Andreas has been through the whole life cycle of biotech startups, and is now coming out of the other side. Here’s our conversation on venture, purpose and the industry-academia divide.
It’s been a year since then and now that I finally sit down to write This, the real post mortem, the autopsy for my dead child, there’s finally a small sense of peace.
It’s over, isn’t it?
Who knew a jingle played from a van would be the best way to let people know a GMO mosquito would be released in their area so that they’d go “cool, okay”?
Yes, Oxitec did that.
But how, exactly?
Entrepreneurship feels like standing on a tight rope and being handed a violin, then a flute, then a bass, and suddenly either a balalaika or a chainsaw or both at the same time. And doing as entrepreneurs do: balancing everything and getting on with it.
If you ask any serious investor what’s the most important thing a startup can do they’re likely to mention three things: sell, sell and sell. Us biotech founders though, after receiving the selling mantra, generally get an extra phrase: good luck.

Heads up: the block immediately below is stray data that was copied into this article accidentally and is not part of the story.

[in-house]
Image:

I thought walking the walk was the hardest thing about being an entrepreneur, but not for this. Once everything around you goes down, and after you’ve dropped off the radar to lick your wounds and gather enough strength to come back, it’s time to talk the talk.
Welcome to the talk of shame.
Interested to see how one of the biggest biotech accelerators worldwide is from the inside? Join me in the four-month adventure that is Rebel Bio, SOSV’s global biotech accelerator.